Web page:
FSU’s Honorary Graduate Shared Her Love for Education
Photos by Navael Fontus
More than 2,600 graduated from FSU during the Dec. 13 Commencement Ceremony.
By Navael Fontus
Louise Jones Gopher explained to more than 2,000 Florida State University graduates at the Donald L. Tucker Civic Center how education didn’t come easy for her. But that didn’t stop her from getting an education and encouraging the children of her Seminole Tribe to do the same.
Gopher received an honorary doctorate of humane letters from FSU at the Saturday, Dec. 13 commencement ceremony. Gopher, a member of the Seminole Tribe of Florida, and a well-known education advocate, shared with FSU graduates how education is a “goldmine” and has been a mainstay in her life.
“I needed to stay in the world of education and bring that great gift to members of my tribe, especially the young people,” Gopher said, according to a news release. “Since then, I’ve worked hard to not only awaken the love of learning in them, but especially the love and understanding of their language, culture and customs as Seminole Indians.”
Family, friends and students gathered to celebrate Gopher and the thousands of other FSU graduates.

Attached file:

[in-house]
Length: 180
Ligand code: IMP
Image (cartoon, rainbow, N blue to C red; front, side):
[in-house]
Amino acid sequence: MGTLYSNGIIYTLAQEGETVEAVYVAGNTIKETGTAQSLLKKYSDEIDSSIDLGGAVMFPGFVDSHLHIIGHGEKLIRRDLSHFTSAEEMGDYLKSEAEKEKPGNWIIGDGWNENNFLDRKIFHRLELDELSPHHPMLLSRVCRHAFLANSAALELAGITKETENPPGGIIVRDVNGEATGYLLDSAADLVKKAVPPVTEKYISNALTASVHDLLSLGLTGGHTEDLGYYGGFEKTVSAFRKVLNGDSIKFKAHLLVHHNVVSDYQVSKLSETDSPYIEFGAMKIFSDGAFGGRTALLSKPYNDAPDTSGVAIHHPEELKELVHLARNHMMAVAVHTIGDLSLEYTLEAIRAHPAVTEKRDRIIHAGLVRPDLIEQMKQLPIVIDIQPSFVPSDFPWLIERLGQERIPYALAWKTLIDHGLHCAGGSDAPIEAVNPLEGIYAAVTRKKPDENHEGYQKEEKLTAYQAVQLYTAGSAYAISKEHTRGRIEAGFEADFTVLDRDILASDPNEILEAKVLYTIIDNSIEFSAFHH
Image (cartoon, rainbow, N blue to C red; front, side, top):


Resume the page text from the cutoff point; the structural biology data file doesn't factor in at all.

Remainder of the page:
Saturday morning, the civic center was packed with excited loved ones waiting to see their graduates take their momentous walk across the stage. On Friday, Dec. 12 and Saturday, Dec. 13 more than 2,600 graduates were awarded degrees.
Saturday served as FSU President John Thrasher’s first commencement weekend leading the university. He paid tribute to all the graduates for their hard work and wished them all individual success. He also spoke about the rich tradition the commencement ceremonies carry and stressed the importance of becoming a part of the alumni association at FSU.
“Our robes, our caps, our cords, our tassels identify the institution from which we graduated and the degrees which we’ve earned,” said Thrasher. “All the symbols and traditions add simple meaning as you take your place as alumni of Florida State University.”
Stefano Cavallaro, student body president of Florida State, offered insight to his fellow peers.
“No matter what degree you’ve worked hard to own today, you’ve just completed the greatest investment in yourself you will ever make- earning your degree from Florida State University,” Cavallaro said.
The grand ceremony ended with the traditional singing of the Hymn to the Garnet and Gold while graduates tomahawk chopped for the last time as students.
Angeline J. Taylor contributed to this article.